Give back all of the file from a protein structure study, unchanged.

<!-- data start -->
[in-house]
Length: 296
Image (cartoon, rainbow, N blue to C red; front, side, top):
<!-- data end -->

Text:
[in-house]
Length: 296
Image (cartoon, rainbow, N blue to C red; front, side, top):